Iron-willed, big-hearted and unforgettable
The recent death of Berkeley, Calif., bookseller and activist Pat Cody reminds me what a privilege it is to work with books at any time.
Pat and her husband Fred opened Cody’s Books in 1956, long before the emergence of computers or chain stores, and right in the middle of a conservative backlash called McCarthyism that ravaged free speech almost as badly as the Patriot Act has in our last decade.
The Codys are remembered as champions of civil rights, but throughout even the most turbulent decades, when gas masks hung by the cash register and protesters squared off against police outside the store, their core belief was the value and the right and the privacy of reading.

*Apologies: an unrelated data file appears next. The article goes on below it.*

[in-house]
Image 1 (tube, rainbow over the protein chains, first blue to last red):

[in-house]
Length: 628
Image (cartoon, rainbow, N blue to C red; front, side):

To Fred and Pat, it didn’t matter who walked into the store — a homeless self-publisher (hardly an oxymoron) or a professor of physics from UC Berkeley: Matching the right book with the right customer was the highest act of political engagement they knew. Their first and last job as booksellers, they felt, was to contribute to the experience of quiet solitude that can only happen during the act of reading. When the reader’s mind meets the author’s mind, they believed, the world will change. Thank heaven that Andy Ross, who bought Cody’s Books in 1977, believed the same thing. (more…)